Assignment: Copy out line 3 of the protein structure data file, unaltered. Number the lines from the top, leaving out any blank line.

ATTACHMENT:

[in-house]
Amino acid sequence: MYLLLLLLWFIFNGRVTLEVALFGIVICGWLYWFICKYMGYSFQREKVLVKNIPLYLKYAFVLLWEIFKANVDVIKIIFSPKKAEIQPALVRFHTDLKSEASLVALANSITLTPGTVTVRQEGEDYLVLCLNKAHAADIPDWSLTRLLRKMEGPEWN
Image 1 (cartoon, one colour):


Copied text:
Image 1 (cartoon, one colour):